We had only two days left before Richard needed to return to Hong Kong for his flight to the US but the gorge was only about 3 hours from Li Jiang by bus. The gorge was cut by the Yangtze River and was the only remaining untamed part of this river. Known as the "Golden Sand" River here either because of the deposits of golden sand on the banks or the deposits of gold, it forms a canyon as deep as the Grand Canyon and much narrower across. Westerners have bee trekking there for 10 or 20 years and a road has been put through at about midlevel.
Since our time was very limited we decided to take a minivan from the park entrance to Tina's, a hotel on the road about half way through the park and hike down the gorge to the river. We arrived by noon, stowed our luggage in our room, ate some lunch and began our hike to the second rapids about 2000 feet and 2 hours walk below us. The river at 6000 feet above sea level runs between two 18,000 foot peaks though it is impossible to see the summits from the bottom of the gorge and one only gets glimpses of them from the road. There was a line of Chinese descending ahead of us but held up by one fearful and slow woman in the lead. We slowly made our way down to the bottom and everyone climbed on to the rock that the tiger leaped from to cross the gorge. Of course, the other side of the gorge was shear and vertical, so it wasn’t clear where the tiger leaped. Everyone took turns taking pictures of themselves on the tiger rock. It seems that Chinese tourists have mandatory photos at all the sites. The air was fresh, clean and clear. We were in the gorge next to the second. The trail up, ascended by a series of ladders over rock faces and again there were enough hikers that you had to wait for your turn on the ladder. We were however, the oldest people in the gorge, and two of only six westerners on that sunny wonderful afternoon. Judy decided that she couldn’t make it back to the top of the trail when a man with donkeys showed up and offered to take her up for a small fee.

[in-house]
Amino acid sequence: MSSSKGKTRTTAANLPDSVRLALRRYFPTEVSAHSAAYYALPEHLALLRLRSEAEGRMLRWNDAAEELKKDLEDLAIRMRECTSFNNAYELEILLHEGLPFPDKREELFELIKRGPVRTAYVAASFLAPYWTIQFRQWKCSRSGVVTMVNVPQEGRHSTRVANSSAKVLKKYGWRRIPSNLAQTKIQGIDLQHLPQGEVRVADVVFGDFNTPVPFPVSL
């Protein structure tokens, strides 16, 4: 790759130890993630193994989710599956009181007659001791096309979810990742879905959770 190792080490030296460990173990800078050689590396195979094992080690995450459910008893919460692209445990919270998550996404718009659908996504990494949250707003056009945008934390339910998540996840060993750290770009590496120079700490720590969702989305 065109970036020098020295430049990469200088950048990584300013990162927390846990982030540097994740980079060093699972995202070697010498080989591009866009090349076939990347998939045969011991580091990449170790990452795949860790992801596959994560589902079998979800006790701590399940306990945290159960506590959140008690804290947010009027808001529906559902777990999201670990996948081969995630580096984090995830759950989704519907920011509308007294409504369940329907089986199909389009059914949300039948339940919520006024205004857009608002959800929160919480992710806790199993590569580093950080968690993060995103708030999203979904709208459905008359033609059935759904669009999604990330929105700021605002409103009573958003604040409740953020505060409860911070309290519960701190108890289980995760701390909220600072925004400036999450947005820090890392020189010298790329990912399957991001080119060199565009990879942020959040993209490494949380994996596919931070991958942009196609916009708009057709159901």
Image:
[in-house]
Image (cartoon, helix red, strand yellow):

The night was cold but our beds had heating pads so despite the wind rattling the windows and the lack of heat in the room we were toasty and warm. We decided to get up early and hike to the end of the normal trek which was about 40 minutes down the road to Sean’s Guest House where we had breakfast. The rest of the day consisted of making travel connections back to Li Jiang, visiting a little more of the village She Hu outside of Li Jiang before our flights to Szenzhen China arriving on the Hong Kong border only minutes before the midnight closing and then taking a train, bus and taxi back to our apartment in Hong Kong.
The next day, Monday, Richard went to the airport for his 15 hour flight to New York and the day after that Judy went back to Szenzhen for her flight to Jingdezhen.